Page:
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Mystic Falls

I think this waterfall gets overlooked, but it’s a relatively short hike and is great for families and is easily accessible to people staying in the Old Faithful area. At around 2.5mi round trip, Mystic Falls is a cool hike that starts at the Biscuit Basin trailhead and only gains around 150-200ft in elevation, so it’s relatively flat.

This terraced waterfall is about 70ft high, and it’s a beautiful. It gives you one of those cool, overhead views. It’s not a super popular trail, so you might have the views all to yourself.


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Lower Falls

The most epic falls in the park is the Lower Falls in the Grand Canyon of Yellowstone. Hiking along the Ribbon Lake Trail is really, really cool, right along the Lower Falls there. Seven Mile Hole is also another one that will take you along the rim of the Grand Canyon, and you get to look back and check out cool views of Lower Falls. For short walks, you can hop on Brink of the Lower Falls for an up-close view, or the Red Rock Point Trail. These are accessible from North Rim Drive.

Hiking the Grand Canyon of the Yellowstone

The canyon is a large, natural feature carved out by the Yellowstone River and is roughly 20 miles long. It is drivable, and many excellent viewpoints are easily accessible by car. However, if you’re looking to do some hiking, there are trails for that, too.

So, there isn’t just one hike that covers the entire Grand Canyon. There are a bunch of short trails to nice viewpoints, such as Brink of the Lower Falls and Brink of the Upper Falls. There are also some longer trails that have varying levels of accessibility to views.

North Rim Trail

This trail in Grand Canyon of the Yellowstone connects to canyon-area lodging. So, if folks are staying in some of the lodges at Canyon Village, this trail connects a lot of different viewpoints along the North Rim, like Inspiration Point, Brink of the Lower, and Brink of the Upper.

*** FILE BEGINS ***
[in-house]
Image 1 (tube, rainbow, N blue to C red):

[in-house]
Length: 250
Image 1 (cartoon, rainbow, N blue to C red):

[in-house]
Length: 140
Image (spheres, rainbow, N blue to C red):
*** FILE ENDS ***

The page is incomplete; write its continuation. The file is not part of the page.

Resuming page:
I wouldn’t say it’s incredibly scenic in its entirety, but it’s popular for those visitors staying in or visiting Canyon Village. It’s just an easy spot where at any point you can hop on and off. If you’re driving into the North Rim, you’ll benefit from easy trailhead access to your car because the trail basically parallels the road.

South Rim Trail

The South Rim Trail essentially connects Uncle Tom’s Trail to Artist’s Point. If you have limited time to see the sights in Yellowstone, I always recommend a stop at Artist’s Point. It can get crowded, but it is by far the most quintessential view of Yellowstone. It is an incredible spot to see the Lower Falls and the Grand Canyon of the Yellowstone. It’s just an amazing, amazing viewpoint.


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Uncle Tom’s Trail

This isn’t really a hike, per se. Uncle Tom’s Point is a scenic area at the end of a parking lot halfway down South Rim Drive. They’ve done some construction on Uncle Tom’s Trail, so there have been, and may still be, some closures. At one point, there was this really old, rickety metal staircase that you could take down to the base of the Lower Falls and get sprayed by the mist. It’s always worth checking the NPS site for information about closures.

From Uncle Tom’s Point you can walk the South Rim Trail and will be downstream from Upper Falls looking back at it, and when you look downstream, you’ll see where Lower Falls spills over. So, it’s kind of a little midway point, but there’s a massive parking lot with vault toilets and a small pavilion.


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Backpacking in Yellowstone

Electric Peak – hard day hike or backpacking